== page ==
Akpetushie: Pronounced “Appehtooshie” is the local moonshine and could forgivably be confused for nail polish remover mixed with pure alcohol. Drink with caution. It will give you the best/worst hangover of your life.
Books: There was a good second-hand bookshop in Cape Coast called Blackstar Bookshop near the castle (and next to the Baobab Café which, by the way, has great banana bread and supports a good local café.
Birkenstocks: You can find original ones in Accra Mall for the usual price, second-hand ones all over the country for about 10-20 GCs, and rip-offs for about 10 GCs.
Caning or “beating” students: Caning students is common practice at schools. Many Ghanaians still believe this is how you “correct” poorly performing students. I was not warned about this when I went to volunteer at a school and it was quite shocking. The caning was quite violent, not “soft”, as if teachers were acting out some kind of abuse they’d experienced themselves (which they probably had). If you protest against it, Christian teachers will invoke the Bible: “Spare the rod, spoil the child.” Worse still, parents might urge you to beat their children. If you want to oppose it, you have to remain strong. Ghanaians have virtually no knowledge of learning disabilities. Dyslexia is almost unheard of. Consequently, struggling children (much as they have been elsewhere) get beaten and verbally berated and made examples of for not being able to complete some task that requires reading and writing. The teachers have no idea that their violence doesn’t help. So, brace yourself for this if you plan to teach as a volunteer. There are a handful of schools where teachers don’t beat: the difference is startling. A teenage girl died recently after a beating at school which put the issue on the national radar for a few weeks. Opinions were roughly divided between for and against. I was very against. I shall write a separate post on my experience as well as potential strategies you could use at school to stop or reduce beating. Look for “caning” as a key word.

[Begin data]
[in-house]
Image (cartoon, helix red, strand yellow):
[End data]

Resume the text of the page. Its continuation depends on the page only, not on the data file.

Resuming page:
Clothes (second-hand): Obruni wawu means “dead white man” and is used to describe the prolific second-hand clothing sold everywhere. There is a myth that no citizen of a developed country would wear the clothes of a dead person, so it’s dead obrunis’ clothes that are sent to be sold as second hand clothes—they couldn’t possibly be from the living. This, often very good quality, second-hand clothing is a bargain: T-shirts for 2-5 GCs, gypsy skirts for about 10 GCs and new jeans for 10 GCs. Trying them on over sticky bodies beside open sewers is another story…
Condoms: Sexually transmitted diseases are rampant. While the rate of HIV/Aids is about 2.9% across the country, it’s much higher in urban areas. Use condoms. You can buy them in pharmacies, supermarkets and gas stations from 10 pesewas to a few Cedis.
Drinking Water: You can buy “puuure watah!” just about anywhere for 5 pesewas—look for the blue ice boxes sitting all along the streets. Just how pure it is, however, is anyone’s guess. You can buy bottled water at shops everywhere too for about 50 p.
English: It is the official language and is spoken almost everywhere, except in the most remote villages. And, while it’s the official language, it has its own idiosyncrasies. Written standards are pretty poor, even at university. If you’re coming to teach, anything related to literacy or the basics of grammar for the level you’re teaching would be helpful. Children love colourful story books. You can buy mass produced ones here or bring your favourites from home.
Feminine Hygiene: Tampons/tampax are not widely available other than in supermarkets in Accra so bring your own. Pads are the norm and are available everywhere. Due to environmental conditions and some malaria medication, a few women suffer from longer or more painful than usual periods. Ensure that you’re prepared for this. Due to humidity and antibiotics, it’s not uncommon for women to suffer from yeast infections. Fortunately, treatments are available in pharmacies everywhere. Don’t be shy asking for personal items in shops or pharmacies—Ghanaians are not embarrassed by such things.
Flip-flops/thongs: called “slippers” in Ghana. You can buy them everywhere for one GC or so. Still, having one good quality pair to support tired feet is worth it.